The daily chatter between the antennas here on Earth and those on the NASA spacecraft on Mars will be much quieter for a few weeks.
This is because Mars and Earth are on opposite sides of the Sun, a period known as Mars solar conjunction. The sun ejects hot, ionized gas from its corona, which extends far into space. During solar conjunction, this gas can interfere with radio signals as engineers try to communicate with spacecraft on Mars, corrupting orders, and leading to unexpected behavior by our space explorers.
To be sure, engineers stop sending commands when Mars disappears far enough behind the sun's crown that the risk of radio interference increases.
"It's that time again," said Roy Gladden, manager of the Mars Relay Network at NASA's Jet Propulsion Laboratory in Pasadena, California. "Our engineers have been preparing our spacecraft for months on the compound, they will still collect scientific data on Mars, and some will try to send that data home, but we do not order the spacecraft out of fear that they could act. " on a corrupt command.
When does this happen?
Solar conjunction occurs every two years This time, the waiting period for issuing commands known as the "Commands Moratorium" expires on August 28 until September 7, 201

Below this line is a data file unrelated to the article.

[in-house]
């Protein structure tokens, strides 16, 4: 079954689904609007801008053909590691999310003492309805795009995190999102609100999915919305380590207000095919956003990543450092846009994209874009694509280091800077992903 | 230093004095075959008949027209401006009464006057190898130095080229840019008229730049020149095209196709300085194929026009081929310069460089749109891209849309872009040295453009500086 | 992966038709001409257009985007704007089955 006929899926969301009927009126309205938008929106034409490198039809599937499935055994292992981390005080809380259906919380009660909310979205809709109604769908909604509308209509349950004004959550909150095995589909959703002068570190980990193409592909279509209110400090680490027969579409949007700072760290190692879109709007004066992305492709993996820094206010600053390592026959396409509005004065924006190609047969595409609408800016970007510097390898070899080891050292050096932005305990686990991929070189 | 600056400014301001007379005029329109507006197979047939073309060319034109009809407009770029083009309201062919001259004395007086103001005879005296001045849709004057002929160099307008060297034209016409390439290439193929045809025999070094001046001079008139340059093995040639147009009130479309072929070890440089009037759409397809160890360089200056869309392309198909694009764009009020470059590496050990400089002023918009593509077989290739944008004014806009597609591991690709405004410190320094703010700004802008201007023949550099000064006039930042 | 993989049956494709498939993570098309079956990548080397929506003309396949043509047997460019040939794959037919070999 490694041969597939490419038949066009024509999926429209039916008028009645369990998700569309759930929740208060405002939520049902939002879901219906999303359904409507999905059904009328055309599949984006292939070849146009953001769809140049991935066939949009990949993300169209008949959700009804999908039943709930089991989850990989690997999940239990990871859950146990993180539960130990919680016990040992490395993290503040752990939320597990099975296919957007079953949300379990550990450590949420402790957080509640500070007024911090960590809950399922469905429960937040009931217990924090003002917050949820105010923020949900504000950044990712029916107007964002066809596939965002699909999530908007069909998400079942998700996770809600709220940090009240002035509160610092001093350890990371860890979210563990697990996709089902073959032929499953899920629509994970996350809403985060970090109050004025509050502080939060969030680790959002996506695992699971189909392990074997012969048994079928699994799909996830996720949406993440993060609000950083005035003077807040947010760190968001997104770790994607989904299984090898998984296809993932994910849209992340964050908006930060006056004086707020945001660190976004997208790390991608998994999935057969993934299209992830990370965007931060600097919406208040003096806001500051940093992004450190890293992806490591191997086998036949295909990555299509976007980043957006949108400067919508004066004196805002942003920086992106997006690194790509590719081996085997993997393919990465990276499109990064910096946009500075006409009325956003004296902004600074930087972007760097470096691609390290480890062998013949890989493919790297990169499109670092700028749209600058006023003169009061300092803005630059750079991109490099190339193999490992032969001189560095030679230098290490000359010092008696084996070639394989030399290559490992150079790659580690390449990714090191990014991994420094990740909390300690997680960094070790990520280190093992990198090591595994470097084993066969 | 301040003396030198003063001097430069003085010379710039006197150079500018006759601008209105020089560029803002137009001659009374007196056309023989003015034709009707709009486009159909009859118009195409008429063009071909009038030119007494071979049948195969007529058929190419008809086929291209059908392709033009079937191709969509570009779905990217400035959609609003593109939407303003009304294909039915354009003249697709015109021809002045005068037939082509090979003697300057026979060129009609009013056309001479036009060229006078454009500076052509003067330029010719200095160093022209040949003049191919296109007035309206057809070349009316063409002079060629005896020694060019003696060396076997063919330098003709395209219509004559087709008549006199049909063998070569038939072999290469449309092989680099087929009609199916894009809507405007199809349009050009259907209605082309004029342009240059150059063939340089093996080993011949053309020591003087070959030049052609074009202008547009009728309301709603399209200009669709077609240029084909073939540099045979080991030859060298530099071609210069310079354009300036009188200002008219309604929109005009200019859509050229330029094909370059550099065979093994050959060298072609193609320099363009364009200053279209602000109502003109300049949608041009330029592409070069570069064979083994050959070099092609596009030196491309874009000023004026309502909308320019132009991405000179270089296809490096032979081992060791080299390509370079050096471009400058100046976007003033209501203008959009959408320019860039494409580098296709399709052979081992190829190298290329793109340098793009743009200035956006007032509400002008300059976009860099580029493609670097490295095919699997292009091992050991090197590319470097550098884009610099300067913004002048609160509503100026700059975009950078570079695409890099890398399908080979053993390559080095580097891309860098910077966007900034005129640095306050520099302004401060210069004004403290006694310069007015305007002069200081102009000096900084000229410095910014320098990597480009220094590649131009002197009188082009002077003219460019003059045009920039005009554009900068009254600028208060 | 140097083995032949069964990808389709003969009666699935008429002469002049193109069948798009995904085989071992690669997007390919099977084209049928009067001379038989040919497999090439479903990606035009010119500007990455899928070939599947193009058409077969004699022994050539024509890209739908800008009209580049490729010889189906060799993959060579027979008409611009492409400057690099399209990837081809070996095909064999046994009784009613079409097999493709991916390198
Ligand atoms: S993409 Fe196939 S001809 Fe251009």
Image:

What happens to the spaceship?
Although some instruments aboard spaceships – especially cameras, the generate large amounts of data – be inactive, all NASA Mars spacecraft will continue their research, they simply have much simpler "to-do" lists than they would normally do.
On the Martian surface, the Curiosity Rover stops the journey, while the InSight lander does not move its robotic arm, above Mars, both the Odyssey orbiter and the Mars Reconnaissance orbiter will continue to collect data from Curiosity and InSight to return to earth. However, only Odyssey will attempt to pass this data to Earth before the conjunction ends. In the meantime, another orbiter, MAVEN, continues to collect its own scientific data, but does not support relay operations during that time.
All this means that the stream of raw images available from Curiosity is temporarily interrupted, InSight and the other Mars missions. The Mars solar conjunction affects the operation of all spacecraft currently on Mars, not just NASA.
What happens when the solar conjunction ends?
Once the conjunction is completed, the spacecraft transmits the collected data to NASA's Deep Space Network, a JPL-managed system of massive terrestrial radio antennas. Engineers will spend about a week downloading the information before resuming normal spacecraft operation.
If the teams monitoring these missions find that the collected scientific data is corrupted, they can usually retransmit that data after the moratorium on September 7th.
Blaming the sun for the moratorium on sending orders to Mars
What is Mars Sun conjunction and why is it important? (2019, 24th of August)
retrieved on August 24, 2019
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